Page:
• and you can't click on the enter a defence option. sometimes we've found you can.   you should have come here sooner an we would have made sure you did it right...  
    • get an sar off to welcome they can't refuse.   who are mortimers client, the claimant of the CCJ and the charge upon your deeds.   welcome would have added £1000's in unlawful penalty fees for everything from letters/phonecalls/arrears fees/it's raining today, your fault. when was the CCJ attained too please?  
  • Our picks

    • I sent in the bailiffs to the BBC. They collected £350. It made me smile.
        • Haha
        • Like
    • Hi @BankFodder
      Sorry for only updating you now, but after your guidance with submitting the claim it was pretty straight forward and I didn't want to unnecessarily waste your time. Especially with this guide you wrote here, so many thanks for that
      So I issued the claim on day 15 and they requested more time to respond.
      They took until the last day to respond and denied the claim, unsurprisingly saying my contract was with Packlink and not with them.
       
      I opted for mediation, and it played out very similarly to other people's experiences.
       
      In the first call I outlined my case, and I referred to the Contracts (Rights of Third Parties) Act 1999 as the reason to why I do in fact have a contract with them.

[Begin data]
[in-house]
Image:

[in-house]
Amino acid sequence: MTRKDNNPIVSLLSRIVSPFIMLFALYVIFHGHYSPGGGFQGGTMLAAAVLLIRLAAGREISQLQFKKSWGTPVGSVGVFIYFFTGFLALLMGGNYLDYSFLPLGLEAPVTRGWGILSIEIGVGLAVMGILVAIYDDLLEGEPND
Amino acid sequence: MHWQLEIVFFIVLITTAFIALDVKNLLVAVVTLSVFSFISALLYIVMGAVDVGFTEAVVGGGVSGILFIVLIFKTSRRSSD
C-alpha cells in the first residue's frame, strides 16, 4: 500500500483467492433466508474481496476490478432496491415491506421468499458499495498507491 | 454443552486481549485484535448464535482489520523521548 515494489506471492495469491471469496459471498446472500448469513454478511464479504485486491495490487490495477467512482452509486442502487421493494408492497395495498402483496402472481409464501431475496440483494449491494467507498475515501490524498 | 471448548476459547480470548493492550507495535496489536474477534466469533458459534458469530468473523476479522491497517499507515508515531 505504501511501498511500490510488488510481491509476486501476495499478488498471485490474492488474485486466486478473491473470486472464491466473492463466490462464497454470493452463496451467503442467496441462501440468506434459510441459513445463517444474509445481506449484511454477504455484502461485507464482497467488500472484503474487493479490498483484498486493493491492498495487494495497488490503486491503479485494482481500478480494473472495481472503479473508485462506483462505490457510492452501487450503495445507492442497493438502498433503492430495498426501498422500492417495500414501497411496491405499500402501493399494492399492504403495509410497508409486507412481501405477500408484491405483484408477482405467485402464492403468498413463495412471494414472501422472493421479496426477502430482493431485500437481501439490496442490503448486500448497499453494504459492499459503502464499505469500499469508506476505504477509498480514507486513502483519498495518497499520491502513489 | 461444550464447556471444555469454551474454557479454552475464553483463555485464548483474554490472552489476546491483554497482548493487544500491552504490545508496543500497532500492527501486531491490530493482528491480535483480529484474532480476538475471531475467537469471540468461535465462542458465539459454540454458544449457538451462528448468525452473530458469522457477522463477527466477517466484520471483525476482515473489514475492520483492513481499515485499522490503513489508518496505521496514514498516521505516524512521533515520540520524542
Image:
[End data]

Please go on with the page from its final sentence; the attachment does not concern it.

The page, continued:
In the second call the mediator came back with an offer of the full amount of the phone and postage £146.93, but not the court costs. I said I was not willing to accept this and the mediator came across as a bit irritated that I would not accept this and said I should be flexible. I insisted that the law was on my side and I was willing to take them to court. The mediator went back to Hermes with what I said.
       
      In the third call the mediator said that they would offer the full amount. However, he said that Hermes still thought that I should have taken the case against Packlink instead, and that they would try to recover the court costs themselves from Packlink.
       
      To be fair to them, if Packlink wasn't based in Spain I would've made the claim against them instead. But since they are overseas and the law lets me take action against Hermes directly, it's the best way of trying to recover the money.
       
      So this is a great win. Thank you so much for your help and all of the resources available on this site. It has helped me so much especially as someone who does not know anything about making money claims.